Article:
One doctor explained, “This is like Fight Club online—it’s going back to the roots of masculinity and testing your strength in that way. There’s that gladiatorial test. When your body moves from that of a child to having the full strength of adulthood, there is a need to test out and compete with others to get a sense of your potency, your strength, your courage.”[6]

4Lip Challenge

Photo credit: Complex/Twitter

One of the craziest trends on social media in recent years was the Kylie Jenner Lip Challenge. Inspired by the reality TV star’s plumped up lips, her followers had begun a trend where they attempted to achieve the same look by sucking on shot glasses, bottles, and jars. The suction-like effect would draw the blood to the lips, creating a “pillow-lipped” look. However, there were many injuries, and some were left permanently scarred. Photos of casualties from the challenge were shared on social media and showed that some people’s lips were even turning black.

Doctors warned that the suction causes micro-trauma to the vessels, scarring, hematoma (clotting), or fibrosis (thickening of the tissue), all of which can result in disfigurement. One doctor advised, “The practice of trying to engorge your lips by suctioning can be dangerous. It’s a traumatic injury when you’re suctioning anything.”[7]

3NekNominate

Photo credit: The Telegraph

NekNominate was an Internet craze that began in 2014 and resulted in a number of deaths. The game involves people being nominated to down alcohol. The drinking is recorded and put online for others to view. Afterward, someone else is nominated. Often, players will attempt to outdo their friends’ drinking feats. Among those killed by the game was 20-year-old athlete Bradley Eames, who filmed himself downing two pints of gin—he died four days later. Also, 20-year-old Issac Richardson died after drinking a cocktail of wine, whisky, vodka, and beer as part of a NekNominate dare.[8]

The UK’s Office for National Statistics warned, “It is possible in the future we will get a lot more these deaths because of games like NekNominate. We are also seeing deaths from liver disease increasing and we are seeing it appearing in younger people, which suggest they are starting to drink from a younger age and are drinking stronger alcohol.” The warning came after it was reported that accidental alcohol poisoning in England and Wales increased by 200 percent from 2004 to 2014.

2Tombstoning


Multiple injuries and deaths have been linked to tombstoning, which involves jumping into water from high up, with the body held in a rigid, vertical position. In recent years, teenagers and young adults have started filming each other leaping off a cliff edge known as Dead Man’s Cove in Devon, England. The 20-meter (65 ft) drop to the sea below proved deadly for a 39-year-old man, who fell to his death attempting the tombstoning stunt. A teenager broke his neck in three places, and a 25-year-old was left paralyzed after jumping from the same site.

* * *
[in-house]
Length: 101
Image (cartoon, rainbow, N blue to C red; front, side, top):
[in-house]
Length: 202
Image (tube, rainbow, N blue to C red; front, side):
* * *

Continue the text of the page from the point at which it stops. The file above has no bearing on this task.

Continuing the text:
The Maritime and Coastguard Agency warned, “Jumping from piers, cliffs, rocks or other structures into the sea can be very dangerous. The depth of the water can dramatically change with the tide, and what was a deep pool at lunchtime might be a shallow puddle by teatime. [ . . . ] The shock of cold water may make it difficult to swim to safety and strong currents can quickly sweep people away.”[9]

1Subway Surfing


Another dangerous craze is subway surfing, which was once a popular stunt in the 1980s—but then people decided they wanted to live a longer life. The trend has now resurfaced, and New York City has seen a rise in the number of joyriders going where they’re not supposed to go. Local daredevils attempt to hang onto moving subway trains, either from the back on the moving car or on the rooftop.

In 2016, 25-year-old Christopher Serrano from the Bronx died while attempting subway surfing. He was killed as he tried to climb on top of an F train in Brooklyn sometime around 5:00 AM. Serrano was traveling with a female friend when he went between the two moving cars and climbed on top. Investigators believe Serrano may have been clipped by something as the train was moving, which knocked him off. He was pronounced dead at the scene.[10] His death is a tragic reminder that nobody should attempt the same stunt on the subways.

DhananjayParkhe

The Mortal And Clucking Petal A Poem by jay

The Mortal And Clucking Petal

A Poem by jay

Whose petal is that? I think I know.
Its owner is quite happy though.
Full of joy like a vivid rainbow,
I watch her laugh. I cry hello.

She gives her petal a shake,
And laughs until her belly aches.
The only other sound’s the break,
Of distant waves and birds awake.

The petal is mortal, clucking and deep,
But she has promises to keep,
After cake and lots of sleep.
Sweet dreams come to her cheap.

She rises from her gentle bed,
With thoughts of kittens in her head,
She eats her jam with lots of bread.
Ready for the day ahead.

With thanks to the poet, Robert Frost, for the underlying structure.

DhananjayParkhe

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DhananjayParkhe

Clean Pure Heart चित्त शुद्धि

Once you open your wings to fly, you must fly straight like a swan. Do not flit from tree to tree like a sparrow, or many things will distract you on the way. 


If you want to stick to Me, you must have a clean heart. There is no use in some times having faith and sometimes having doubt.


——-AVATAR MEHER BABA


[From- LESSONS FOR SPIRITUAL ASPIRANTS, Complied by:  BIRENDRA KUMAR]

[Copyright © Avatar Meher Baba Perpetual Public Charitable Trust Ahmednagar (M.S.) India]